21 January 2002
The European Commission (EC) has issued a discussion paper titled “A Community Strategy On Air Pollution From Seagoing Ships”, intended to inform the development of a European strategy on air pollution from seagoing ships.
Emissions from ocean going ships are currently not regulated by the EU legislation. However, ships’ contribution to EU emission inventory is rising. According to preliminary estimates, by 2010 ship emissions of sulfur dioxide (SO2) could reach 75% of land emissions. For nitrogen oxides (NOx), the figure is probably near 60%.
The strategy will focus on the emission reduction of SO2, NOx, carbon dioxide (CO2), and volatile organic compounds (VOC). The strategy will likely result in changes to three Directives: (1) Directive 2001/81 on National Emission Ceilings, (2) Directive 1999/32 on the sulfur Content of Liquid Fuels, and (3) Directive 1994/63 on Stage 1 VOC Vapour Recovery.
The EC stated that for sulfur oxide the cost of reducing emissions from ships is now considerably lower than further abatement measures in other sectors. High SO2 emissions from ships are caused by extremely high sulfur content in marine fuels, which may reach 4-5% and more. The cost of limiting the sulfur content of marine bunkers in the North Sea and the Baltic Sea to 1.5% (as required under Annex VI of the International Maritime Organization’s (IMO) MARPOL Convention 2) has been estimated at about €87m per year; while equivalent emissions reductions from land-based sources would cost about €1150m.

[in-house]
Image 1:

NOx emissions from ships are regulated by the IMO’s MARPOL conventions, subject to ratification by member countries. The EC said it was keen to promote an early ratification of the air pollution Annex VI of the IMO’s MARPOL Convention. However, the standards set in MARPOL Annex VI are not very stringent, and it is not clear when the Annex will enter into force, said the Commission.
The discussion paper includes a number of detailed questions on reduction of ship emissions. Written comments from stakeholders will be accepted by 15 February 2002.
Source: European Commission